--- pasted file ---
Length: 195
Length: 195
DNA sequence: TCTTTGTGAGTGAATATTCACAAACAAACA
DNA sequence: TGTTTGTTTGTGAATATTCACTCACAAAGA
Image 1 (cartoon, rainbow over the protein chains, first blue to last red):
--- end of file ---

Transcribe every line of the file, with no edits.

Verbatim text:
Length: 195
Length: 195
DNA sequence: TCTTTGTGAGTGAATATTCACAAACAAACA
DNA sequence: TGTTTGTTTGTGAATATTCACTCACAAAGA
Image 1 (cartoon, rainbow over the protein chains, first blue to last red):